The Environmental Problems Cause by the Air Pollution

Society as a whole faces many environmental problems, and as a result, environmental awareness tends to be a pressing issue. Everyday, people recycle cans, glass bottles, and newspapers. Many people buy bottled water, or own filters for their tap water, as a health precaution from the pollutants in normal everyday drinking water. Everyone seems to be concerned with issues such as, littering, and what is going to happen when there are no more land fills.

Some people are even talking about the introduction of the electric car sometime in the near future. Air pollution is perhaps the biggest environmental issue the Earth is facing. Automobiles are responsible for a notable amount of the air pollution problem. Of course, on the other hand so are factories. If the fight against air pollution were to be taken to a higher level, putting pressure on factories that produce air pollution will have a greater effect than focusing on automobiles. The solution for problems caused by automobiles can only be taken to the level of removing vehicles off the road that cause excessive pollution.

A campaign to promote car-pooling, and the use of public transportation could be started up, but those types of promotions do not get enough support. Clearly, factories should be targeted for the best results. The environmental policies that the government regulates for factories or other companies who produce air pollution must be made stricter. Factories are causing enormous amounts of air pollution, the air in most metropolitan areas is filled with pollutants, and passing laws that are more strictly enforced could have a positive effect on the situation.

Air pollution can be simply defined as “all the substances that are exhausted into the atmosphere that do not normally make up the air.”(Sorvall 17) These substances are next divided into two basic categories: aerosols and unwanted gases. (Sorvall 18) Aerosols are tiny bits of solid matter that can be visibly floating around in the air, such as the particles that are released when using a can of hairspray or burning leaves in an open fire. The results of this pollution can be seen on mirrors or windows, giving them a sticky texture and a smudged appearance.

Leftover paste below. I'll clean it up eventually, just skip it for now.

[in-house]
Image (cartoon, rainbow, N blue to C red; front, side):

Unwanted gases, on the other hand, are usually invisible; however, they are the most dangerous to the air. There are numerous types of these pollutants in the air, but carbon monoxide, sulfur dioxide, hydrocarbons, and nitrogen oxides are, by far, the most common. Such particles are expelled daily by leniently controlled factories through the continuous outpour of smoke.

The primary process that creates air pollution is oxidation, which is simply defined as burning. (Sorvall 18) This process has been going on for centuries, beginning when man first became aware of a very useful cooking tool, what is now known as fire. Until recently, pollution from fires was seemingly insignificant because fires were previously used only in households and could be easily dispersed. However, as technology advanced, major industries developed and began to use fires as a source of energy for power plants and the disposal of garbage. This major increase in the usage of the oxidation process and the lack of knowledge of the hazards involved, contaminants in the air, as a result of factories excessive usage, has become a major environmental dilemma.

Though air pollution in some form has been around since the discovery of fire, it has only recently become known to be a major problem. Air pollution has long been a factor with the issue of protecting the environment. For example, in the nineteenth century, people in London, England complained about the foggy weather that was created by the smoke from burning coals in the homes of people, as well as places of business. (Sproull 18) In December of 1952, the worst air pollution disaster ever recorded also occurred in London.

Nicknamed the “killer smog,” this disaster occurred because of a temperature inversion, which is when warmer temperatures get hotter as they get further from the earth’s surface rather than cooer as they usually do. In this particular event, a cool front also moved in below the warm air, which caused more people than usual to burn coal, which is high in sulfur. Because of the warm air that had risen, the smoke from the fireplaces had nowhere to rise and was being pushed back down. This string of events produced the “killer smog” which led to the deaths of more than four thousand people. Because of this one horrific event, scientists became more aware of the effects that air pollution can have on a population, which has led to more in-depth studies.

The same type of pollution, though in much more extreme cases, can be seen in cities today. The modern name for the foggy weather that these people were seeing is now referred to as smog. It is composed of mainly ground level ozone, which is caused by toxins in the air. (EPA 2) “Ground-level ozone is produced by the combination of pollutants from many sources, including smokestacks, cars, paints, and solvents.” (EPA 2) These toxins are released mainly through the exhaust systems of automobiles and from factories.